It is a cold, damp November morning and another school day has just started at Diaconia’s special school in Prague-Michle. However, from what is happening outside the building, it looks like this is not going to be a regular day like any other. About eight Chinese people have just got out of their cars and they are preparing to enter. What is going on?
An international school
Usually, when speaking of an international school, people imagine a private institution to which ambitious parents send their children, hoping to give them a good start for their career. This is not the case with the Michle school. It is designated for children with autism or with a combined handicap. Despite its specialism, the school is still international: the management is not afraid of accepting the children of people from other countries, although it is not common practice.
The most difficult part of teaching children with complicated handicaps is communication. How do we speak to them to make sure they are able to acquire at least an elementary understanding of the matter? There are, of course, time-proven, efficient methods teachers find very helpful, such as communicating through pictures that depict common situations in a regular school day.
This way, they are able to agree with their students about the fact that, for example, they are going to do some studying first, then they are going to take a break, have a snack, then study again, have lunch, and then go home. On the other hand, one must always keep in mind that every student with a handicap is unique, and the way to achieve mutual understanding is usually original, different for every student.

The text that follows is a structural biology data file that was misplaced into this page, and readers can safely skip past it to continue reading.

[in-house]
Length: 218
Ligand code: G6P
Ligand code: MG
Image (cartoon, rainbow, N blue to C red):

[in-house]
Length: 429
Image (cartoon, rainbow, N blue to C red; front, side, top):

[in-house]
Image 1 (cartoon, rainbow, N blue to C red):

Now, when you add a language barrier, and possibly also a different cultural code, to all of the above, you are faced with quite a demanding task indeed. This is why most special schools in the Czech Republic turn down, as politely as possible, children of foreigners, especially those that come from non-European countries.
However, the Michle Diaconia school does not turn down applications filed by foreigners. Apart from the majority of Czech students, we can also find children of parents from China, Vietnam, Brazil or Singapore. This means more work for the local teachers and assistants, but it also makes it more enjoyable. This year in November, the father of thirteen-year-old Jii Liang was the one to bring some fun and excitement to students and teachers alike.
The painting and the smiles of the Chinese friends
Mr. Tu Shao Hua has been working in the Czech Republic for a long time, dealing with tourism between the Czech Republic and China. He had been wondering how to thank the school for giving his son with Down’s Syndrome the special education he needed. He came up with a very original idea: to bring a painter from China, a good friend of his, to Prague. He would donate a painting to the school, one that he would actually paint directly on the premises of the school…
Mr. Tu would not provide any more information. However the date was arranged, so the staff at the school prepared some coffee and refreshments – and waited.
The morning with the painter, Mr. Zhao Wei, turned out to be a big success. It was a friendly meeting, full of smiles that were able to overcome any communication or other barriers. Mr. Zhao really did paint an abstract painting, before the eyes of the students, using oil colours, brushes, and an ordinary fork from the local cafeteria. Members of his large team also brought numerous presents to the students of the school.
The visitors mentioned several times that they would be interested in further cooperation and supporting the school. The painting is now drying on the wall of the director’s room (it will probably become part of one of the charity auctions). Mr. Tu, who had organised the whole event, seemed pleased.